Ships and boats are the oldest types of transport. The first ships were built thousands of years ago. Ships and boats are used for travel, by the armed forces for our defence, for fishing, for transporting cargo between countries, and for leisure, sport and relaxation.
Three quarters of all goods carried from country to country must cross oceans and seas in ships and boats. Here is a timeline that shows some major developments in the building of ships and boats.
Many thousands of years ago, a raft made by tying several logs together with creepers, was the first kind water transport that a person could steer. In this photo you can see that rafts are still used today, to carry people and goods across rivers and lakes.
Later, people made the first real boats by hollowing out logs. In this photo you can see a boat that has been made by hollowing out the middle of a log. A frame boat, built like a basket and covered with animal skins was another very early boat. A coating of tar kept the boat watertight.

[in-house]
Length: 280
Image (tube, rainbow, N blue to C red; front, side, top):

4000 BC: Boat builders in ancient Egypt used reeds to build what were probably the first sailing boats. The Egyptian reed boats had a mast and sails and were used on the river Nile.
By 2500 BC the Egyptians were building wooden boats that could sail across oceans.
These ships had sails as well as up to 60 oarsmen who rowed the ship. The longboats were long and narrow so were able to travel on the open sea, as well as along rivers.
1100 AD Chinese junks were sailing boats with a rudder for steering the boat, battens on the sails to give them greater strength, and watertight compartments long before western ships had them. They were fighting and transport ships.
1450 onwards: Three and four masted sailing ships were in service for several centuries. These wooden ships were used as battleships, and by explorers and as trade vessels, carrying cargo from country to country.
In the 1800s, fast sailing ships called 'clipper ships' were built. They had long, slim hulls and tall masts.
1819 The first steamships to cross the Atlantic combined steam and wind power.
1845 The first ocean-going liners made of iron and driven by a propeller were being built from this time.
1880s Some steam driven river boats had rear paddles and were called stern wheelers, others had paddle wheels on either side.
1910 Coal burning sailing ships were converted to diesel power, using oil instead of steam.
1955 Hovercraft float abovethe waves on cushions of air and are capable of high speeds of up to 140 km an hour.
1959 The N.S. Savannah, one of the first nuclear powered cargo ships, was able to sail for three and a half years without refuelling.